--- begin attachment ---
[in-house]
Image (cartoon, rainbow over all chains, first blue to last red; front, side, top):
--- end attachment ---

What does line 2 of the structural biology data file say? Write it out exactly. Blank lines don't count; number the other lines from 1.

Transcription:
Image (cartoon, rainbow over all chains, first blue to last red; front, side, top):